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### Theory:

*In the first, second, third, and fourth periods, how many elements are there?*We can describe the number of elements in these periods based on how electrons are filled into different shells. You will read about them in detail in higher classes. Recall that the maximum number of electrons accommodated in a shell depends on the formula \(2n^2\), where ‘n’ is the number of the given shell from the nucleus.

For example,

\(K\) Shell - \(2\) × \((1)^2\) = \(2\); therefore the first period has \(2\) elements.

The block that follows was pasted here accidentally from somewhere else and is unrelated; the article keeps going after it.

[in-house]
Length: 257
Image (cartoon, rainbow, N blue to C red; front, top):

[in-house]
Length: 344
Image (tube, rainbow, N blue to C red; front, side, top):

\(L\) Shell - \(2\) × \((2)^2\) = \(8\); therefore the second period has \(8\) elements.

\(K\) Shell - \(2\) × \((1)^2\) = \(2\); therefore the first period has \(2\) elements.

\(L\) Shell - \(2\) × \((2)^2\) = \(8\); therefore the second period has \(8\) elements.

The third, fourth, fifth, sixth and seventh periods each have \(8\), \(18\), \(18\), \(32\) and \(32\) elements. The reason for this is you will study in higher classes.

Its position in the periodic table determines an element's chemical reactivity. As you know, the number and kind of bonds formed by an element are determined by the valence electrons. Can you now explain why Mendeléev's choice of compound formulae as the basis for deciding an element's position in his table was a good one?

**How can this lead to elements with the same chemical properties being grouped together?**